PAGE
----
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How to take advantage of higher interest rates

If you know how, rising interest rates can work to your benefit.

MINNEAPOLIS — We all know interest rates have been going up and if you're like most people, your initial reaction to that news is not positive.

On Tuesday, the current average 30-year fixed mortgage rate was 6.56%, increasing 11 basis points since the same time last week. Inflation rates have dropped from a peak of 9.1% in June 2022 to 6.5% in December 2022.

But experts say not to worry, there are some cases in which you can use higher interest rates to your advantage.

Nicole Middendorf, CEO of Prosperwell Financial, recommends taking a look at short-term places you can put your money, things like certificates of deposit (CDs), treasury bills or money market accounts.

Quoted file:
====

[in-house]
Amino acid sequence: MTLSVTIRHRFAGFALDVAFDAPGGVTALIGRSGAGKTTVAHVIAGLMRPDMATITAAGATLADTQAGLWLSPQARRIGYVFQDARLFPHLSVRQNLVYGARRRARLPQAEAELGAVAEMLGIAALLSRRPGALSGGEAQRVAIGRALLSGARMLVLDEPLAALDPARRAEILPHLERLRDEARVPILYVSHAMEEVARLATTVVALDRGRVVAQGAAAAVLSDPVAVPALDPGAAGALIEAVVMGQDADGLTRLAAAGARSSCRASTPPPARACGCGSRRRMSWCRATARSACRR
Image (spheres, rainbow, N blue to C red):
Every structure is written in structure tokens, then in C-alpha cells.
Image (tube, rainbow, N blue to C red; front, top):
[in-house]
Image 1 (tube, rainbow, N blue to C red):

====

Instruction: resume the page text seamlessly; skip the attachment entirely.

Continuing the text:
With interest rates high, Middendorf says some three-month CDs are paying 4% interest.

If you're in a stable spot financially and have six to 12 months of expenses set aside for emergencies, she recommends moving some of that cash.

"I'm not saying take all of your liquid money and lock it up, but let's say you have six months set aside in a money market account. Maybe you take three months worth of it and put it in a CD, because that means in three months, your money will become available and you're making four percent," Middendorf said.

There's a big thing to consider here though: high-interest debt. 

If you have any credit card debt racking up double-digit interest, it does not make sense to put cash into one of those short-term investments until that debt gets paid off.

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